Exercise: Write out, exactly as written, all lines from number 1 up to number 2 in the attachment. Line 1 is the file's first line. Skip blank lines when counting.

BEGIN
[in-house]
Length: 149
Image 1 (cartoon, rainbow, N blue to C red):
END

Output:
[in-house]
Length: 149